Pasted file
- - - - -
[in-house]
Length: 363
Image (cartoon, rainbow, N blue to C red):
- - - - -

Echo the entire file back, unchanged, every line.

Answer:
[in-house]
Length: 363
Image (cartoon, rainbow, N blue to C red):